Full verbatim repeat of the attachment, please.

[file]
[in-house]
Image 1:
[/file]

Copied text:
[in-house]
Image 1: